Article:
Other than some remains of pottery and Gallic arms that Abbot Cochet claimed to have found in the surrounding area, there were no souvenirs of this distant period. There is a mention of a “Camp de César’ or “Cité de Limes”. In fact the excavation plans carried out by Pierre-Jacques Féret between 1822 and 1827 gave evidence of Gallic and Gallo-Roman occupations within the boundary walls, as well as remains of a “fanum” of a square map. There was a second phase of excavation in order to evaluate the density of the occupation in the zone threatened by erosion. The receding of the cliff, estimated at 30cm per year between1830 and 1996, gradually caused the northern part of the Camp to subside.
The name Dieppe, meaning ‘deep’ in Anglo-Saxon, was given by the Normans in the 7th and 8th centuries, because the bed created by the river Arques in the chalk plateau of the Caux valley, enabled the docking of ships from the high seas. In 1195, Philippe August pushed back Richard Lion Heart and destroyed the town. The duchy of Normandy, annexed in 1204, became French until François 1st. The French kings reconciled the inhabitants of this strategic site by granting them several privileges. Dieppe now becomes a town of multiple adventurers.
The port activities enabled ship-owners to become rich and Dieppe became one of the leading markets in France. In 1420, the English captured the town and treated it as a rebel. In 1453, Capitan Desmarets, helped by the future king Louis XI and the inhabitants of Dieppe, took back the town and immediately started building the castle.
In the 16th century the ship owner Jehan Ango’s vessels ploughed the seas of Brazil, Africa and North America, bringing great prosperity to the town. The ship-owner made a fortune thanks to his pirates and helped François 1st in his battle against the English. This century also belonged to Abraham Duquesne who was at the helm of the French fleet during several battles that he won. Refusing to adopt Protestantism, he was never made Admiral despite his various victories.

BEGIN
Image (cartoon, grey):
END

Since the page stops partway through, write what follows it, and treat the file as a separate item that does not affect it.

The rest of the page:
Under François 1st and his successors important work was done and the town knew its golden age. However, civil and religious wars of the 16th century put an end to its prosperity.
From 1668 to 1670, 10,000 persons lost their lives in the plague epidemic. In 1694 Dieppe was destroyed by the Anglo-Dutch fleet; with the exception of the Pollet area, the churches, some houses and the castle, the town was razed to the ground. Under the orders of Louis XIV, the engineer Ventabren undertook the immediate reconstruction and broadening of the streets. The‘Royal Square’, which became the National Square at the revolution, was created, churches restored and brick houses rose from the old ruins. Invaded twice by the Prussians during the 1870 war, the town suffered even more during the Second World War.
Today the town of Dieppe has reached the urban limits. The stakes now are the rehabilitation of the old areas and the requalification of some of the harbour industrial wastelands. Since 1997, the old areas of Pollet and Saint-Pierre are now part of an Architectural, Urban and Scenic Protection Zone.